Competitive binding studies showed that torcetrapib and anacetrapib decreased binding of radiolabeled [14C]torcetrapib to CETP, whereas dalcetrapib, dalcetrapib-thiol, or dalcetrapib-disulfide had no, or only a marginal, effect. Conversely [14C]dalcetrapib-thiol bound to CETP was displaced in the presence of reducing agent by dalcetrapib and dalcetrapib-thiol but not by torcetrapib and anacetrapib.
SPR investigations confirmed that the binding of dalcetrapib-thiol to the CETP C13S mutant was negligible when compared with rhCETP (see supplementary ). As reported, a single peptide with dalcetrapib-thiol bound to Cys13 was identified by mass spectrometry (data not shown). The binding of dalcetrapib-thiol to Cys13 could prevent its potential critical interaction with Cys1 and/or Cys333 as observed by Hope et al. (42).
As expected, torcetrapib was shown to interact similarly with rhCETP and the C13S CETP mutant, excluding a potential interaction with Cys13 as a major mechanism associated with CETP inhibition by torcetrapib and torcetrapib-related compounds. The monitoring of binding interactions, kinetic rate constants, and thermodynamic parameters in real time by SPR further confirmed this finding, inasmuch as following saturation of the dalcetrapib binding site (see supplementary ) the binding of torcetrapib remained unchanged.
We observed a decreased binding affinity of the anti-CETP monoclonal antibody JHC-1 to CETP incubated with dalcetrapib-thiol, as judged by SPR. Because JHC-1 does not bind to dalcetrapib-thiol, and does not bind to any cysteine-containing polypeptide of CETP, as judged by SPR (see supplementary Table IIC), these results support the hypothesis that the binding of dalcetrapib changes exposure of the epitope recognized by the JHC-1 antibody. An ELISA using JHC-1 as a capture antibody confirmed a marked decrease in the detection of this epitope in human plasma incubated with increasing concentrations of dalcetrapib (0.01 µM to 10 µM), with a maximum effect reached at 0.5 µM. The relevance of this finding to the clinical situation was examined using plasma samples from 22 healthy volunteers who each received a single oral dose of 600 mg dalcetrapib. A highly significant decrease in the detection of the JHC-1-specific epitope was observed at 4, 6, 8, and 12 h postdose at plasma levels of dalcetrapib-thiol between 200 and 700 ng/ml (0.63 µM to 2.2 µM). These observations support the hypothesis of a change in conformation of CETP upon binding of dalcetrapib-thiol to Cys13 in vitro and in vivo at therapeutic concentrations. It should be noted that in spite of the covalent nature of the binding of dalcetrapib-thiol to CETP and potentially to other plasma proteins (43), the compound is cleared with a relatively short half life (t1/2 25.5 h), and the resulting decrease in CETP activity and change in conformation are only transient. The results indicate that the covalent binding of dalcetrapib is weak and fully reversible. The observed correlation between the change in conformation and the decrease in CETP activity suggests that dalcetrapib-thiol binding to CETP could impair or limit the changes in conformation needed for the optimal activity of CETP, i.e., in accordance with the model of Bruce, Beamer, and Tall (44) or the specific increase in curvature suggested by Qiu et al. (16) to be required for binding to VLDL.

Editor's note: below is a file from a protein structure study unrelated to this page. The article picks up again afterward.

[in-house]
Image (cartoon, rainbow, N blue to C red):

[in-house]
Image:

Although potent or nonselective CETP inhibitors may affect transfer among all lipoproteins and subparticle classes, the dalcetrapib-dependent conformational change of CETP may lead to a modulation of CETP activity, decreasing neutral lipid transfer between HDL and LDL (heterotypic transfer) while preserving transfer between other lipoprotein classes, such as between HDL3 and HDL2 (homotypic transfer) (45). Change in CETP conformation induced by dalcetrapib could also explain the subsequent decrease in the binding of the torcetrapib analog by hindrance of its binding site under the experimental conditions used by Cunningham et al. (46).
Of the seven cysteines of human CETP, only two are involved in stable S-S bond formation (Cys143 and Cys184). The presence of the five additional cysteines suggests that some might be involved in the allosteric regulation of CETP activity. Indeed, it has been demonstrated that modification of the N-terminal Cys1 of CETP is involved in the selective inhibition of triglyceride versus CE transfer activity (47); on the contrary, selective inhibition of CE transfer can be achieved by compounds binding to Cys333 (41). These data suggest that both Cys1 and Cys333 are involved in the selective transfer of neutral lipids. We may hypothesize, therefore, that Cys13 plays a role different from that of either Cys1 or Cys333 in modulating CETP activity by facilitating or preventing the transfer of neutral lipids between lipoproteins of selective size and/or composition, as illustrated in Fig. 6.